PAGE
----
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Wednesday, September 01, 2021

Faithful Obedience or Not

Week 35 – Book of Jeremiah 

Read: Jeremiah Chapter 35; 2 Kings 10:15-27


 

Background

 

Who are the Rechabites? Their history dates back to the era of King Arab of the Northern Kingdom of Israel, descendants of Jehonadab, son of Rechab who “supported Jehu when he overthrew the dynasty of Ahab”[1] and attacked Baal worship. Related to Mose’s father-in-law, Jethro, the rechabites descend from the Kenites, a Midianite tribe. “They were made up of two groups: one that settled in the north, in the tribe of Naphtali (Judges 14:11,17; 5:24) and the other selected the southern borders of Judah (1 Sam 15:16; 27:10; 30:29).”[2]

 

The Rechabites are known for their nomadic and ascetic way of living and are “described as a religiously conservative group, characterized by a vow not to drink wine and strong opposition against Baalism.”[3] Living in tents and not building homes, they are also do not plant fields or vineyards. Adopting a simple lifestyle, the Rechabites lived a faithful life of obedience to God and to these customs.

 

“”By his own order of Nazirites, [God] called some people, but not others, to an austerity not unlike that of the Rechabites, to make a particular point; and the fact that Jesus and John the Baptist glorified God by different lifestyles should open our modes to the reality and value of specialized callings – such ass even the once-flourishing temperance movement which adopted the name of Rechabites in nineteenth-century England.”[4] As the object lesson of Jeremiah in Chapter 35, the Rechabites are credited with their obedience and faithfulness to their ancestor’s guidelines for living. In existence for “over 250 years” and known as “a small separatist clan in the nation”, the Rechabites had relocated to Jerusalem because of the Babylonian invasion.[5] God uses them as an example of faithfulness to their promise.

 

 

Study 

In Chapters 34-36, Judah is reminded of God’s calling them to be faithful. The focus of last week (ch 34) identifies the failing of Judah under Zedekiah’s leadership to keep their promises to free their Hebrew slaves every seven years. While out of chronological order, in Chapter 35, we see a reminder of unfaithfulness during Jehoiakim’s reign some eighteen years prior to the current time. Continual unfaithfulness demonstrates a moral failure and flawed leadership.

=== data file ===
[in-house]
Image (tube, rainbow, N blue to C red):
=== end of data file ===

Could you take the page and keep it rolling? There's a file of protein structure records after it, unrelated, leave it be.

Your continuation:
The timeline for this story likely dates back to Jehoiakim, the son of Josiah, who revolts against Nebuchadnezzar (2 Kings 24:1) after serving as a vassal king for the Pharaoh Neco of Egypt. After reigning eleven years, eventually, Jehoiakim is taken to Babylon by Nebuchadnezzar (2 Chronicles 36). Jeremiah brings the Rechabites into the story, invites them to the temple and tests them. They will become part of  Jeremiah’s lesson on faithfulness and obedience.

The Rechabites have followed a culture of nomadic and asceticism that includes not drinking wine, not building houses but living in tents. They do not plant fields or vineyards and have remained obedient to these over more than two centuries. “The Rechabites had been forced temporarily to abandon some aspects of their lifestyle and nomadic way of living due to the Babylonian invasion.”[6] The only reason there are in Jerusalem is Nebuchadnezzar’s invasion of the land.

Inside the Temple in an area of high visibility, the Rechabites and some important people in Judah gather. Wine is set before the Rechabites, but they refuse to drink it, saying it is against their customs. The lesson is for all of Judah and the leaders are surprised. The comparison between these who live a nomadic lifestyle and the people of Judah is evident. The Rechabites faithfulness and obedience to keep a promise to mere custom stands in stark contrast to Israel’s unfaithfulness to Yahweh. The point of being faithful to a promise matters.